US prosecutors have charged 47 people in the biggest-ever alleged scheme to defraud aid to fight the coronavirus, the BBC reported. The suspects are accused of stealing $250 million from a government aid program that was supposed to provide food to needy children during the pandemic. The accused allegedly spent the money on properties, cars and luxury goods. The Minnesota nonprofit Feeding Our Future is accused of coordinating the plot. Founder Amy Bock denies any wrongdoing. Ms Bock’s lawyer told the BBC: “We have maintained our innocence from day one.” He said the indictment was “only the beginning of the criminal process” and was a “mere allegation”. FBI Director Christopher Wray said the “horrific conspiracy” was the largest of its kind ever uncovered. The suspects allegedly issued invoices for meals they did not serve to non-existent children, the Justice Department said in a statement. They have done this by taking advantage of a government initiative through which private restaurants can apply for funding to distribute food under the patronage of non-profit organisations. The defendants allegedly bribed Feeding Our Future officials to sponsor numerous fictitious food distribution sites.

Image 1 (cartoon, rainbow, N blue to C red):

According to the Department of Justice, these sites claim that within days or weeks of their establishment, they were providing food to thousands of children a day. But instead they submitted false documents using fake children’s names, some of which were taken from the website www.listofrandomnames.com. The group used the proceeds to buy luxury cars, as well as real estate in the US, Kenya and Turkey, and to finance international travel. Charges including wire fraud, money laundering and bribery have been filed against the alleged fraudsters. US Attorney General Merrick Garland said the Justice Department will continue to pursue those who have “exploited the pandemic for personal gain.